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Wordpress plugins

Mar 26th, 2013 by Max Tokman

WordPress plugins are developed by tens of thousands of programmers participating in development of the WordPress framework and are made available to larger development community either free of charge or for a fee. When plugin developer releases a new version of a plugin, all WordPress sites that use that plugin automatically display a message that this particular plugin is available in newer version.  The update notification verbiage is a bit misleading, as it states that your plugin is out of date and must be updated, which makes it sound like your website is not using secure, functional software. That is simply not true.

There are multiple reasons why plugin developers might release a new versions of a plugin. They might want to add new functionality; they might want to fix a bug, reported by one of the plugin users; or they might fix a major security flaw. We, for our part, do not use unproven plugins that have any reported issues associated with them, so when we release the site to client we're confident that plugins used do not represent immediate security threat to the site we just build.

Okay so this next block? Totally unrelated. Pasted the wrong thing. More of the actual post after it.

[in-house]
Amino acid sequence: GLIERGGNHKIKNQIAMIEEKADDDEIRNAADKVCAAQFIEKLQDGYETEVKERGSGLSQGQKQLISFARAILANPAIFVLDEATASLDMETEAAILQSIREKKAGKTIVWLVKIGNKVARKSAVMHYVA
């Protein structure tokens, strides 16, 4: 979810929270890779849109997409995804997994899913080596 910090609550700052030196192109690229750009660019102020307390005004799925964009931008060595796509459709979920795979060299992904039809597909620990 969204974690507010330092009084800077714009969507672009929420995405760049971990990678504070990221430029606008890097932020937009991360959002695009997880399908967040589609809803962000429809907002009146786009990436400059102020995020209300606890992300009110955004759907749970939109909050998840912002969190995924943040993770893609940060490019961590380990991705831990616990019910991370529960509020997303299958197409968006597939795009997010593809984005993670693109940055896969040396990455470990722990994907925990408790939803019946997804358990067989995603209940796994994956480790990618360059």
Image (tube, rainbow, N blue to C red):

WordPress plugins are updated by their developers on regular basis, sometimes once a week. New plugin functionality does not necessarily function better or even the same as the previous version of the same plugin - there are instances when simply updating a plugin can crush the site using that particular plugin.  That is why we recommend making a complete backup of the site prior to updating plugins and making updates on development server first.

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What is "responsive design"

Jan 28th, 2013 by Max Tokman

In a nutshell, responsive design or responsive build refers to ability of a web page to rearrange its elements depending on screen size of device being used.  It is an evolution of HTML coding from creating desktop and mobile versions of the site to a single build that presents appropriate layout regardless of u

Correct screen dimensions when designing for iPad

Jul 19th, 2013 by Max Tokman

iPad screens are 2048-by-1536 resolution at 264 pixels per inch (ppi). However, this cannot be used as usable area for entire screen, as the browser navigation takes 152 pixels on the top. Below are Photoshop templates that can be used to prepare your designs to be exact fit on iPad screen.     iPad